" Sequels suck "
— Jamie Kennedy, Scream 2

MRQE Top Critic

The Fifth Estate

One of the year's most exciting movies. —Matt Anderson (review...)

Cumberbatch assumes he's the Fifth Estate

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This beautiful, intelligent and well-crafted murder mystery by director Bong Joon-ho gives us insight into South Korea’s true unsolved serial-killer case. Yet , the film doesn’t ask you to figure out who the killer is, but more interestingly, why was the case never solved.

Sin City

The film begins in the year 1986 with Inspector Park Du-man (Song Kang-ho) investigating the crime scene of a gruesome murder. The body of a woman was found in a gorgeous wheat field in Hwaseong; she had been raped and choked to death with one of her own stockings. This is just the first of many similar murders that continued up until 1991.

Park is the film’s bad cop — the kind of guy who wants to use his fists instead of his brains. Things start to get a bit more tense when Inspector Seo Tae-yun, a detective from a different division, volunteers to assist Park in the case. He’s the good cop — thoughtful, educated and dismissive of Park’s aggressive approach to the case.

Park becomes obsessed with the case, and even tries tricking a mentally retarded boy, who used to follow around one of the victims, to confess. He steals the boy’s shoe, goes to the crime scene, makes a footprint on the ground, shows it to the boy, and tries to get him to admit that he did it. They eventually learn the boy wouldn’t physically be able to conduct the murder with such a mental handicap. The boy is only the first of many different suspects the detectives pursue.

As the killings keep happening, certain clues start becoming clear: the murderer only kills women; they are always wearing red; he only kills when it rains; he requests the same song on the radio before the killings.

Every time Seo and Park get close to solving the case, their plan backfires and not only does the evidence they obtained end up being useless, but their failure becomes an embarrassment to the police force. The two men start going crazy with frustration and anger; so much that they finally start crossing the line as law enforcers, doing desperate and sometimes illegal acts to catch the criminal.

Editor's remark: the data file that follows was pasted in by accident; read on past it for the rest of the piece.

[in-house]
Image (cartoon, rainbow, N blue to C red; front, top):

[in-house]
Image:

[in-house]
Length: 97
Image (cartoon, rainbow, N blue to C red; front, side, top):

Get Smart

The acting in the film is very impressive, while the writing proves to be fresh and stimulating. Two wonderful actors play the protagonists and the script is very clever and original, full of witty dialogue and sharp one-liners. As the characters advance into the case, the story starts forming a deeper underlying meaning. We start noticing that it isn’t the killer that’s outsmarting the cops, but rather their own disorganization and lack of professionalism.

Through our journey with these two detectives, director Boon Joon-ho does a marvelous job of setting specific tones for each scene. Sometimes we are gripped with masterful high tension and suspense; other times we are told to relax and observe the cinematography, one of the film’s greater achievements. From beautiful landscapes to gloomy alleys, Joon-ho makes sure the shots that are meant to be seen are always visible.

DVD Extras

The cast and crew interviews feature actors Song Kang-ho, Kim Sang-kyung and director Boon Joon-ho. The actors don’t really have much to say, nothing too interesting, anyway. On the other hand, listening to director Boon Joon-ho talk about the case is very enlightening. He obviously did a substantial amount of research for the project and insists that the investigations need to continue, even to this day.

The deleted scenes come with your choice of director’s commentary, on or off. Seven scenes in total; they all help in the further development of the characters, but aren’t essential plot points or the case.

Picture and Sound

The picture is an excellent 1.85:1 anamorphic transfer. There are a few occasional print flecks, but other than that, there is a good level of detail. The film is presented with a DTS 6.1 ES surround mix that matches well, but unless you want everyone talking like it’s a Godzilla movie, then turn off the ridiculous dubbed voices and go for subtitles.


Many delightful surprises and intense situations make this film a real pleasure to watch. The DVD features aren’t too spectacular, but with a thriller like this, who needs ‘em? Beautiful cinematography and acting surround the horrific crimes that take place; if you’re keen on American films like Se7en or Silence of the Lambs, I suggest you try this film out — it won’t disappoint any fan looking for mystery and suspense.